Two of the Pocahontas Commissioners’ Priority Projects Suffer Setbacks
At the November 16th Pocahontas County Commission meeting, it was disclosed that two of the highest commission priority project proposals have suffered setbacks because their funding grant applications have been denied.
The first of these was the addition of a new Courthouse Annex Building, and it was revealed that their grant application for funding for the Annex Project has been denied by the WV Courthouse Facility Improvement Authority.
The second project is the new 911 Center to be built near PMH. The funding grant for that, a Small Cities Community Block Grant for Hazardous Mitigation was also denied, although, Commissioner Rebinski pointed out they can reapply for that grant in January.
The commissioners also received a request from the Family Resource Network (FRN) for a contribution to help needy families during the holidays. Commissioner Rebinski dismissed this, saying the commission doesn’t have any budget item to do donations so they will have to ask for this at the next regular contributions meeting in the spring. It should be noted that the Commission did not schedule their normal November contributions meeting without giving any reason for not doing so.
The commissioners also received a letter regarding the settlement of a Federal District Court civil lawsuit against the County, the Sheriff and a Deputy Sheriff. The letter stated the matter is now over because the county’s Insurance Provider -the WV Risk Pool – has reached a settlement with the plaintiff and agreed to pay the plaintiff $525,000. The case involved a shooting of the plaintiff by a Deputy Sheriff. The insurance company will pay the settlement, but, Commission President Helmick pointed out that this will ultimately raise the insurance policy rates for the county.
The commission also received a card from a citizen thanking them for establishing a Green Box trash site at the Frank Tannery and paving the roads to the Green Boxes. Helmick said this is good because “it’s all about picking up the vote.”
The commissioners held a public hearing regarding their EPA Brownfields cleanup grant application. George Carico, Director of the WV Brownfields Assistance Center, explained this grant is submitted to the EPA to have a section of the former Howes Tannery site at the East Fork Industrial Park cleaned up. He said that if the grant is approved, the first phase is to remove the asbestos from the buildings and the second phase is to do the work necessary to place the property into the WV Voluntary Remediation Program which will include ongoing ground water monitoring. The ultimate goal is to have the site declared safe for industrial use, but not residential use.
Vivian Parsons of the WV risk Pool explained some of the free training the Pool offers to the county employees designed to help keep the county out of liability problems.
The commissioners also approved a letter of understanding between themselves and PMH regarding the hospital’s HVAC and Roof replacement project.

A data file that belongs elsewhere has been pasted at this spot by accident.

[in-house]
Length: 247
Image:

Commissioner Rebinski talked adopting a Demolition Ordinance. This sparked John Leyzorek to express concerns such an ordinance would threaten citizens’ property rights. Rebinski explained this ordinance would just help property owners afford to remove hazardous structures from their property.
Finally, Commissioner John Rebinski talked about spending the county’s 1.6-billion-dollar American Rescue Plan’s COVID relief money. He said the priority should be using it for water and sewer projects, such as the one on Beard Heights or the one at the 4 H camp at Thornwood, over handing out money to the Family Resource Network or the Family Refuge Center. Rebinski explained his water and sewer project priorities: “My opinion is those are top priorities to see what we are going to need out of that COVID money before we hand out money.”
Commissioner Jesse Groseclose also suggested that some of the money be used to provide local matching funds for Broadband Grants.
At a Special Commission meeting held at Noon on Thursday, November 18th, the commissioners spoke with Susan Pierce and Ben Riggle of the WV Department of Arts, Culture and History about getting the County Jail decertified from the National Registry of Historic Places. Pierce asked Helmick how much the cost would be for the demolition of the jail and the erection of the new Courthouse Annex and would it be Federally funded in any way, or just local money. Helmick replied he guessed it would cost 3.5 to 4 million dollars and it would not use Federal funds but would be paid for by local tax money. Pierce said if that is the case there is no need to decertify the jail to demolish it but no Federal funds could be used to do this, or even to add future additional items to the new building such as metal detectors funded by homeland Security. That gave the commissioners some pause and they asked what would be involved in decertifying the jail. Pierce said they would have to follow a lengthy process and submit documents but it could be doable. Helmick said the commission would consider following that process.